Re: PEDANTRY: Hackers/Crackers

Eliezer S. Yudkowsky (
Thu, 01 Jul 1999 14:55:38 -0500

Lee Daniel Crocker wrote:
> > > You're hanging onto the past, Eliezer...
> > No he isn't = he is defending the noble present
> >
> > read <> and see
> > if you all can step up to the mark.
> Unfortunately, this document is meaningless, being nothing but the
> assembled culture of a small segment of society with little direct
> influence on the culture as a whole (but of course great indirect
> influence by what they produce).

Times change. From cracker to hacker, and then, we hope, back to cracker again. Eric S. Raymond is a minor celebrity, now. Perhaps the media will repent of their linguistic folly.

> Language, unlike reality, is a matter of consensus. There are
> no central authorities and no testable theories. No matter how
> many times you may protest that "gay" means "joyful", the fact is
> that when the word is encountered by a typical English-speaking
> reader, the first meaning that jumps to mind is "homosexual". As
> much as we want "hacker" to keep its original meaning as someone
> who pushes limits and explores possibilities, the simple fact is
> that 99% of English-speaking readers who encounter the word think
> about teenagers breaking into computers illegally. Merriam-Webster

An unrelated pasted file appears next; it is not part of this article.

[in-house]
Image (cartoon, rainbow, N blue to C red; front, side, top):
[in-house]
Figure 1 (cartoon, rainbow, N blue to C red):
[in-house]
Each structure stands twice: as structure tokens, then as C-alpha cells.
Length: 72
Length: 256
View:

> includes both senses of the word, no doubt because computer geeks
> pestered them into including the original usage, but there is no
> doubt that writers and editors in the real world use only the
> commonly understood meaning--what we would call a "cracker" (a
> term used by absolutely no one but those still clinging to the
> past glory of the word "hacker").

Right, but using the term marks us as being part of said subculture and therefore worth a much higher salary.

> I too lament the loss of a good word. But it /is/ lost, and it's
> time to just get over it.

The problem is that nobody has proposed an adequate replacement which could be adopted in a synchronized way. The best suggestion I've heard is "wizard", and that doesn't have the same connotations yet. Until then:

Eliezer Yudkowsky, Hacker.